Collision avoidance systems are helping to make roads in West Virginia and across the United States safer. A study, which was conducted by the Insurance Institute for Highway Safety, examined the effectiveness of lane departure warning systems and blind spot warning systems.
IIHS researchers gathered crash data from 5,000 accidents that took place in 2015 and that were caused by lane departures and blind spots. It was found that cars with collision avoidance technology were involved in 11 percent fewer one-vehicle, head-on and sideswipe accidents than vehicles without the systems. When crashes did occur, the technology reduced injuries by 21 percent. The study estimates that 55,000 injuries would have been prevented in 2015 if all vehicles had lane departure technology installed.
While the study shows that collision avoidance systems save lives, a representative of IIHS said that some drivers are turning the systems off because they find the warning beeps irritating. To address the issue, future vehicle models may use vibrations instead of sounds to warn drivers. Crash avoidance systems are optional in 57 percent of 2017 new vehicle models. However, only 6 percent of 2017 vehicles come with lane departure warning systems as standard equipment, and only 9 percent come with blind spot warning systems.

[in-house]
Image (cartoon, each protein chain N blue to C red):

When there is a serious car crash, police officers thoroughly investigate the scene to determine what caused the accident. Attorneys representing accident victims can use the results of this investigation and other evidence as the basis for a personal injury lawsuit filed against the driver responsible for the crash. This type of lawsuit could lead to a financial settlement that covers damages such as medical expenses, lost wages, property loss and pain and suffering.
Source: CNBC, "New report shows how many accidents, injuries collision avoidance systems prevent," Phil LeBeau, Aug. 23, 2017